Therefore, we need to get more Democrats elected in local, state, and national positions. We need you to do that with us. I was asked to share my vision as the newly elected chair to the Hanover Democratic Committee. My view is strength in numbers. More Democrats in PTA leadership positions, day-care volunteers, non-profits and local clubs, etc. The more involved you are in the community, the stronger our community will be.  I am proud of you.  As the message began, “Please help us in any way you can.” We are stronger in numbers and powerful beyond measure.

Invite your friends to join us. Tell your family to take a peek. Keep yourself involved. Let me know what I can do to encourage you and keep the light going. Taking on the role of the chair is an incredible task. I have already started to see the overwhelming number of hats Toni and those before her have had to wear. I am humbled by the feat, and I am up for the task. In 2019, we flipped the House and Senate. With your support, we have the opportunity to get even more Democrats elected.

I look forward to serving you.

Time to Face the 21st Century

by Robert Barnette

President, Hanover NAACP

The Hanover Branch of the NAACP sued the County School Board and Board of Supervisors in August, saying that Lee Davis High School and Stonewall Jackson Middle School names violate the constitutional rights of black students and their families by making them feel unwelcome and creating an unequal learning environment. Specifically, the lawsuit claims; under the Equal Protection Clause of the 14th Amendment, Compelled Speech claims under the First Amendment, and claims under the Equal Education Opportunity Act.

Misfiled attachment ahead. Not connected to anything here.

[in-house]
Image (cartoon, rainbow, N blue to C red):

• The Equal Protection Clause protects African American members of the NAACP from being treated differently from others by Hanover County representatives.

• The First Amendment protects “free speech” but it also stops the government from forcing people to make statements they do not believe in—for example, wearing school uniforms or shirts that celebrate the Confederate soldiers and mascots.

• The Equal Education Opportunity Act requires schools to remove vestiges of segregation. The School Board has failed to do this since the 1960s when it chose Confederate names that told every African American student that s/he was not welcome in Hanover County.

The judge dismissed a motion by the School Board attorneys that the BOS did not have the authority to change the names of these two schools. Now the sole defendant of the NAACP’s lawsuit is the School Board. The School Board held a closed session meeting on November 22nd to consider resolving the lawsuit but chose to take no action.

The Hanover Branch of the NAACP held its November meeting on Tuesday, November 26th and the main topic of concern was to answer questions from the public concerning the litigation status. Kaitlin Banner and Azadeh Erfani, from the Washington Lawyers Committee for Civil Rights and Urban Affairs, were present and answered questions from the audience. Questions included; what are the next steps in the litigation process? What is the cost of the County’s attorney fees? Why did the judge dismiss the Board of Supervisors, when do you anticipate this lawsuit will be heard in court? And many other questions were asked.

Most people indicated that the Board of Supervisors should not have been dismissed because they appoint School Board representatives. Several people indicated that the cost figures for changing the name were inflated and not accurate due to other organizations such as the Band Boosters and PTAs contributing to the cost of purchasing uniforms and/or equipment.

It’s time Hanover begins thinking about what’s best for students facing the challenges of the 21st century, and not stay stuck in the past.